I’m not one of these people that think radio should be like Independent Local Radio (ILR) was back in the late 1970s or early 1980s. The world has moved on. Full service commercial radio of the old style doesn’t have a place anymore but that doesn’t mean that the unique qualities of the medium don’t apply. Despite all the digital, multiple-platform desires of an industry, radio’s ubiquity is its most import asset. Good quality programming still counts. The personal music player (Walkman, Discman or iPod/mp3 player) have been around since the early 1980s. It hasn’t killed the industry yet and, I don’t think it will. Even though I have a computer showing 30+ days of music, I am set here listening to the radio.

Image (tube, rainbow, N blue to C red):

I don’t think it’s right to be sentimental about radio. I know that teenagers today aren’t going to have my relationship with radio because their world is vastly different and much more connected but I genuinely believe a cheap device that plays music you like, and can go anywhere, has the power build reationships better than almost any other – except, perhaps, for actually meeting people. And even there, radio can be part of the real-life conversation.

Yes, I can still take along a tranny and listen to my friends (and I really do mean that in the radio sense).

Fined. Big Time.

When I was a child, my favourite radio station was Manchester’s Piccadilly Radio. To me, it was the most exciting station in the world.

I noted some newsworthy stories about the radio industry yesterday but forgot to mention another from last week. When I was a child, my favourite radio station was Manchester’s Piccadilly Radio. To me, it was the most exciting station in the world. Pete and Geoff, who I mentioned yesterday, started their award-winning partnership on that station. It’s now Key 103 and last week was fined the biggest ever financial penalty imposed by a regulator on a UK radio station [source]. Nothing really to add to that but I wanted to note it.